Section 4 The Game of Seduction relates how when Anderson first gave a talk on seductive interactions people commented it was the best talk on "game design" they had heard. It goes on to look at what makes something a game, or a challenge - something that entices people to return to - and discusses how to incorporate these elements. It covers the ideas of using scarcity to increase quality or to encourage participation. The penultimate chapter in the section closes with
This leads us to a final, sobering question. Is delight enough?
The following page tells us (in the words of Ralph Koster author of A Theory of Fun for Game Design") "delight, unfortunately doesn't last" and he proceeds to share a framework for "balancing conversations about delight and excitement with more practical concerns, the Kano Model which he then applies, very briefly to the airline industry.
There is still one more chapter to go and its title Only the Beginning seems a bit out of place as it really is the end of this slim volume. It introduces more third-party ideas, starting with a metaphor, The Rider and the Elephant from psychologist Jonathan Haidt for thinking about potential conflict between controlled processes and automatic processes. Next we see this metaphor extended by Chip and Dan Heath into a framework for changing behaviors and this is followed up with Fogg's Behavior Grid, from Dr B.J Fogg, Director of Stanford University Behavior Design Lab. There's a boxout from Fogg himself on his Behavior Model, relating it to the way Facebook and Google use triggers to motivate users’ behavior.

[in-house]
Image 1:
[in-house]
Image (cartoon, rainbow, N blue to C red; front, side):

The author tells us he had planned a final chapter on stories and identity which turned out to be more than could be accommodated in a chapter. Instead he looks at one further experiment on which of four alternative approaches worked best in motivating behavior and then includes a model by Sharleen Sy looking at what motivates different personality types in the context of games. This seems to open up new horizons that sadly are not explored here.
The book concludes by reminding us that it has been about psychology saying:
"If we can start with an understanding of what kind of things excite and attract us, keep us engaged, and win our hearts and minds, I believe we can create many more delightful, seductive experiences."
This isn't an academic book, it is written in a style that any reader can enjoy. However it would make a good text for inclusion in an undergraduate course that looked at the psychology of interface design although the fact that it lacks a bibliography and explicit urls for its examples would by a bit of a headache for students and tutors alike.